“I KISSED a worm once,” said Benjamin, eight. “Don't ask me why.”
Benjamin Elliott from St Martin’s had joined me at Erddig near Wrexham with his sisters Amy, 6, and Lucy, 4, to help me complete my mostly wonderful but slightly unfulfilled childhood.
“I’m not scared of small things. I’m not even afraid of wasps," he said. “I picked one up once and put it with a bee – but they didn’t make friends.”
“I touched one and I’m not scared,” said little sister Lucy.
Several days earlier, their mother Lorraine Elliot, communications officer for the National Trust property, had emailed me a list of 50 Things to do Before You Reach 11 and 3/4.
I thought that, after growing up within sprinting distance of trees, hills, a fallow field and a stream, and in a place and time where parental paranoia hadn’t reached its current levels, I’d be able to tick everything off.
I was wrong – there were a couple of tasks I hadn't managed.
I'd never caught a fish with a net, set up a snail race or played poohsticks, all integral parts of childhood, says the National Trust.
It all sounds a bit twee but there is an important element to this.
Childhood obesity is a real problem across the country, with Wales coming in with the worst numbers in Britain with 35 per cent of children under 16 registered as overweight or obese in 2011, according to the Welsh Government.
At the same time, young people are becoming more disconnected from the real world than ever before. In 2013, a survey revealed that up to a third of primary pupils in Britain thought cheese was a plant and that fish fingers came from land animals.
Also as unpleasant is the idea that youngsters are missing out on all the things that make childhood worthwhile, instead retreating indoors or living their lives online.
In 2005, writer Richard Louv coined the term ‘nature deficit disorder’ but the Elliott siblings, at least, have avoided this.
Benjamin said: “I do play computer games but I like to play outside as much as I can. But when I go to my friends houses, we mostly play computer games.
“I definitely make sure they get out and about,” said Lorraine, as we approached a river, sticks in hand. “I grew up somewhere semi-rural outside Wrexham so I got plenty of chances to play outside.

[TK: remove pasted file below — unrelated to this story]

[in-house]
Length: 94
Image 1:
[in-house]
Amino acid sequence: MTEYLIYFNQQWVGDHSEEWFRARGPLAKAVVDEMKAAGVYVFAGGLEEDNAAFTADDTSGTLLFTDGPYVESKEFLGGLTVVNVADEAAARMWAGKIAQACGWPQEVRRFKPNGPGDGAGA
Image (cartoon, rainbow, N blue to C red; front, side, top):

“But you see it less and less now. I think parents are afraid to let their kids play outside. It’s not just stranger danger, they’re worried about things like accidents and what-ifs.
“I think that’s a shame, because children work things out their own way. If they fall and hurt themselves, they won’t try that particular thing again. It’s part of growing up.”
One of the benefits of being outdoors became apparent even before we got to the river where we would race our sticks.
A pair of peacock butterflies danced past.
“Wooooow,” said Amy, awestruck. “They are so pretty.”
Amy loves nature programmes on TV and. when asked what she wanted to be when she grew up, she said: “I don’t want to be famous. I don’t want to be a princess. I want to be a scientist.”
There’s nothing like the wonders of nature to confirm an ambition.
Pooh-sticks turned out to be a bit of a wash-out, as there was a pipe beneath the bridge. It created a little dam that caught the twigs as they floated through, so we agreed that Benjamin won, as his stick reached the blockage first.
Next on the list was catching a fish in a net.
This proved to be easier said than done, as the canny pond-dwellers heard us coming a mile off and hid.
“There are lots of things I like doing outside,” said Amy. “I like it when there’s a tank full of water outside and they put apples in it.”
“You mean apple-bobbing?” I asked. “Yes.”
“I like tag,” said Benjamin. “Have you ever played toilet tag?”
“No,” I admitted.
“It’s when you have to stop like this with your arm out, and someone freeing you has to sit on you and use your arm to flush,” he cackled.
The disappointment of the fishing was forgotten as we all hunkered down to make daisy chains.
This was finally an area where I could share my expertise.
“You make a little hole in the stem with your fingernail then put another stem through the hole.”
This proved a tricky but we ended up working together to make a daisy chain worthy of an Enid Blyton story.
After a pitstop, where, charmingly, the children were given National Trust lunch packs containing a packet of cress, so they could ‘plant it, grow it, eat it’ (number 41 on the list), we got on to the final task of the day – a snail race.
“I think all the snails are asleep,” said Lucy, after 10 minutes fruitless searching.
Snails like damp, dark places and tend to come out at night so they weren’t willing to join us for a race.
“I got these,” said Lucy, holding a few empty shells.
“And I got these,” said Amy, with her own collection.
The trio felt a bit sorry that I hadn’t finished my quest.
“We can try again if you like,” said Amy, but the idea we put the empty shells on our fingers and race each other instead did not go down well.
“That's not the same,” said Benjamin.
I agreed with him. Nothing quite beats an authentic, outdoor childhood.